Five years ago, less than a quarter of the children in a special district set up by the state to manage the lowest performing schools scored at or above the “basic” level on state tests. Now, nearly half do.
New Orleans’ reform was composed of two major components – charters and choice, and a focus on changing the teacher corps profoundly. Proponents have used the strong success in New Orleans to argue that the
school voucher bill is about “choice” offered to parents to secure a better education for their children who are currently enrolled in schools rated C, D or F in the state accountability program. Students in D or F schools are to be given priority if not enough spaces are available at private and parochial schools.
It is interesting to see the shift in school choice opponents' arguments. Proponents posited that their statutory changes would “make 380,000 students eligible for vouchers” over the long haul. Opponents based much of their case on the lack of immediate benefits for all, noting that the current supply of private schools could not handle that level of participation. Only roughly one percent of the 380,000 number could be served--and that wasn't fair, was one of the key arguments of opponents.
So, they were in essence arguing that choice was okay but needed to be broader. That is truly a sea change. In addition, the ability of the New Orleans Recovery District to create new schools rapidly, to build a new supply of schools, muted even those arguments of opponents.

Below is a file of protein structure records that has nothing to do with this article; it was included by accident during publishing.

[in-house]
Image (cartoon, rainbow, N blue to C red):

At best, opponents could argue for a limited approach, focused only on students in schools that were graded D or F by the state accountability system.
Provisions of the Massachusetts' Constitution differ significantly from those in Louisiana's. Our provisions explicitly prohibit the use of public funds for private educational purposes; Louisiana's require that public funds go to public schools but does not explicitly prohibit the use of public funds for private schools.
Other new laws in Louisiana strengthen the process for setting up charter schools, including standards for open meetings and public records laws. They strengthen the state board of education’s oversight of charter schools so that the board can